Elon Musk’s New Tesla Bot Definitely isn’t a Real Thing

Elon Musk loves nothing more than to publicly promote a product that either doesn’t exist, or doesn’t work. His latest example is the Tesla Bot. Announced on Thursday, this humanoid robot is supposedly designed to perform “boring, repetitious and dangerous” work, fulfilling sci-fi predictions about androids replacing the human workforce. But despite the hype that arrives with any new Musk-related announcement, the Tesla Bot isn’t a viable product.

Musk presented his plans for the Tesla Bot at a tech event named AI Day, saying, “We’ll probably have a prototype next year,” while speculating that the robot might have “profound implications for the economy.” The presentation was accompanied by a performer wearing a skin-tight bodysuit, illustrating what the hypothetical robot will allegedly look like:

On social media, people were quick to crack jokes about the impending robot apocalypse and speculate about the groundbreaking nature of the Tesla Bot technology. As is always the case with Musk’s announcements, his words were accepted at face value by many commentators. But while the Tesla Bot sounds cool, there’s no evidence that this technology will be ready for that prototype date next year.

On Tesla’s Artificial Intelligence page, the Tesla Bot is described in a single paragraph recruiting engineers to work on the project, accompanied by concept art of the robot. Meanwhile, the initial announcement described a humanoid robot in terms that don’t sound plausible for recent technological developments. The images show a smooth humanoid body with a carrying capacity of 45lbs, a speed of 5mph, and a “friendly” demeanor. It will supposedly have “human level hands.” In other words, it should be able to walk, pick things up and perform basic physical tasks like a human, while also looking like a human.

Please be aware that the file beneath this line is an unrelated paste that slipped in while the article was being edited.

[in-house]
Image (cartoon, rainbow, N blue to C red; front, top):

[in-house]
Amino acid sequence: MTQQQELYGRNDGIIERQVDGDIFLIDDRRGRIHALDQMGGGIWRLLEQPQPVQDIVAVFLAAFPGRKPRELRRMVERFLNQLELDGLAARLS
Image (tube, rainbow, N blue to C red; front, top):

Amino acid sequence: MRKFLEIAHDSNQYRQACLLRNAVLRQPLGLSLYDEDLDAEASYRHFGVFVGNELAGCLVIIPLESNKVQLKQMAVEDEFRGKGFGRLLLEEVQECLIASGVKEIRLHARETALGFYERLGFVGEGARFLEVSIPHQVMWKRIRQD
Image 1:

Humanoid robots are a fascinating concept, and various projects are currently approaching the problem from different angles. Some robots like Kengoro attempt to replicate human joints and musculature. Others focus on mimicking social interaction, like the social robot Nadine. And Boston Dynamics is famous for its viral videos depicting humanoid and animalistic robots performing stunts. But none of these robots are as efficient or flexible as a human body, and they’re not commercially viable on a widespread scale.

When we talk about automation replacing human labor, the relevant technology bears little resemblance to something like the Tesla Bot. Supermarket checkout machines replace retail workers. Robo-calls and chatbots replace customer service workers. Some parts of the manufacturing industry have already been automated for decades, like car factories where robotics play a major role. But all of these “robots” are designed to perform specific tasks, whereas Elon Musk’s Tesla Bot (which, once again, doesn’t exist) will supposedly mimic the abilities of a full human body. If Tesla can’t even deliver the Cybertruck on time, then why should people trust in a pie-in-the-sky announcement like this one?

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